Make him someone who enjoys sado-masochistic orgies with hookers, lots of hookers, five to be precise. Let there be some question of whether the bondage clothes worn by the women looked like Nazi uniforms. Throw in one of the big British tabloids. And just to round it off, let that president be the son of Sir Oswald Mosley, the politician and baronet who founded the British Union of Fascists in the 1930s. Now what if one of the five hookers had been paid by the tabloid secretly to video this bondage session? And the tabloid then published it, along with a very racy headline I'll leave you to imagine.
Of course the above scenario has recently played out in fact in London. And the man at the centre of the bondage video (at least one supposes he was at the centre, though with six people involved, who knows?) decided to sue the tabloid. The regular law of defamation wouldn't work because Max Mosley admitted that the main parts of the story about his long-time involvement in these sort of S&M sex sessions were true. And truth is a defence to defamation proceedings. So instead he decides to sue by relying on the new statutory bill of rights, which incorporates the European Convention on Human Rights into English law.
The case boils down at its simplest to how to balance two of the articles. Article 8 grandly guarantees the "right to respect for one's private life". Article 10 protects the "right to freedom of expression". Neither right is meant to be absolute. Reasonable limits apply, though of course talk of "reasonable limits" is itself just another vague, amorphous notion that masks disagreement. What counts as a reasonable limit and when is itself a massively contentious issue about which people disagree.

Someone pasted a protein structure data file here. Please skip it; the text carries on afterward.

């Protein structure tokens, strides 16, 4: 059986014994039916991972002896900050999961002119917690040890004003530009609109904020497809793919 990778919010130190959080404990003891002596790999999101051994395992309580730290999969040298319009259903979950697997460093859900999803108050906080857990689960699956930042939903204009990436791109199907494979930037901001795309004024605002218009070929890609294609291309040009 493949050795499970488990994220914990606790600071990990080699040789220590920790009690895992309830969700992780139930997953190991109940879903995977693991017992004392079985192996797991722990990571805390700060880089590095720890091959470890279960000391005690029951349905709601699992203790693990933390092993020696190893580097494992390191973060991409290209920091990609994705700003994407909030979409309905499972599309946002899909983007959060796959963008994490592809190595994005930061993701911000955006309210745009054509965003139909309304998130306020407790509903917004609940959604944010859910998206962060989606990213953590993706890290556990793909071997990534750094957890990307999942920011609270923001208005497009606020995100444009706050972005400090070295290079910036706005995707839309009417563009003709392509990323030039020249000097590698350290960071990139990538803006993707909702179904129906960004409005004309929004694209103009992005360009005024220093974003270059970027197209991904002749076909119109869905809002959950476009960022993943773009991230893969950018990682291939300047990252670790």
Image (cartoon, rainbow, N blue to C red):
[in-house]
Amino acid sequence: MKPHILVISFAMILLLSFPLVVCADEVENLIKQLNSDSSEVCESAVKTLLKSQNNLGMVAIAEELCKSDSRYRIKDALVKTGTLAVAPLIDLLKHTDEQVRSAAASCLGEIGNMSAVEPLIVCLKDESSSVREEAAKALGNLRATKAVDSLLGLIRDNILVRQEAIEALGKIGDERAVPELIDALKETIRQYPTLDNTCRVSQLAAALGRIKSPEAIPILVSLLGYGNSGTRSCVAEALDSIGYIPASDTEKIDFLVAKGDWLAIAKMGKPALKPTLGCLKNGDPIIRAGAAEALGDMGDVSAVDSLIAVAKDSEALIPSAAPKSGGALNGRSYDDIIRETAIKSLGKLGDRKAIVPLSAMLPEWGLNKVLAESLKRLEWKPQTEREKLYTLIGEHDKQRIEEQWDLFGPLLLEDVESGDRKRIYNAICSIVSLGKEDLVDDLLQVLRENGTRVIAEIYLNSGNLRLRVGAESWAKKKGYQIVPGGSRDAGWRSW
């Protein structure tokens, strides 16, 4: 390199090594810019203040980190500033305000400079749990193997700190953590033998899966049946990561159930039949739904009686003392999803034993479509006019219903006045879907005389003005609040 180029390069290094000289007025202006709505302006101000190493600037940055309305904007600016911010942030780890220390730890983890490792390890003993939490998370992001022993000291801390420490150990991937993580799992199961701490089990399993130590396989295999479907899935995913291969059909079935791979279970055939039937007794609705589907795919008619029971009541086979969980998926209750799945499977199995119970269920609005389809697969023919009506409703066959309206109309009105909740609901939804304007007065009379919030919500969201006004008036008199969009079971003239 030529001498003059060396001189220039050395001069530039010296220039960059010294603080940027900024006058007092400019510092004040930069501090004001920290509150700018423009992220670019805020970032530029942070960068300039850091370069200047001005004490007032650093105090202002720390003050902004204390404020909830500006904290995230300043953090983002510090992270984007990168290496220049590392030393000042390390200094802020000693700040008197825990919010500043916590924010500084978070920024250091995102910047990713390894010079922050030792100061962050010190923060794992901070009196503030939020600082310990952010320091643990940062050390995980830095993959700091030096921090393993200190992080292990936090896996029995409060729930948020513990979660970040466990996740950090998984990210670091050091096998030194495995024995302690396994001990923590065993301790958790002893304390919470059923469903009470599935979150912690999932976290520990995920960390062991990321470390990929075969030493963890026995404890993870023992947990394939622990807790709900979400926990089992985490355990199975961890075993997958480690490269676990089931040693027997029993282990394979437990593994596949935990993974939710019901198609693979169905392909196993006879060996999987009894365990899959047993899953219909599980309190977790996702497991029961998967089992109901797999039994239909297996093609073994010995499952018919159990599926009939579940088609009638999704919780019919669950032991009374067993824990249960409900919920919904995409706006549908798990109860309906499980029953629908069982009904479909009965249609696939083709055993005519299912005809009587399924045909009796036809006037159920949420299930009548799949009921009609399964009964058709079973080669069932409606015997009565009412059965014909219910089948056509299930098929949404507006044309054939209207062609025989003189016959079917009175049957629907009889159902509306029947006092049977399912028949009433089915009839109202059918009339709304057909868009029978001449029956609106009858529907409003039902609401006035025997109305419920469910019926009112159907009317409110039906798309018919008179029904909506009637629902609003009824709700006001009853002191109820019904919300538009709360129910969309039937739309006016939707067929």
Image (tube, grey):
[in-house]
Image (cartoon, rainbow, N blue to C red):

Anyway, I'm betting that readers will split pretty evenly on this. A lot of you will think this is just bedroom conduct (OK, a bedroom decorated as a dungeon conduct) that really isn't anyone's business save Mosley's and the five hookers. It's not as though the tabloids aren't a pretty distasteful lot themselves. And we know they're out to sell, sell, sell those papers. And talk of their acting in the public interest can reek of hypocrisy, let's be honest.
On the other hand, I'm betting there are also lots of free speech types out there who think this is in the public interest. The stuff caught on film was true. People are clearly interested because they buy millions of papers to read it. And if we start restricting the reporting of this sort of case, what about when Jeffrey Archer does roughly (sorry, no pun intended) the same sort of thing and lies? Or what about when newspapers want to reveal the goings-on of former Democratic presidential candidate John Edwards? Doesn't a privacy law start to look like it has the potential to squash stuff that suits an awful lot of people in important positions (jobwise I mean)?